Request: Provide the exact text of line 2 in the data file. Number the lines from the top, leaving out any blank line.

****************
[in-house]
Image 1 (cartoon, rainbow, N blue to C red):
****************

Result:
Image 1 (cartoon, rainbow, N blue to C red):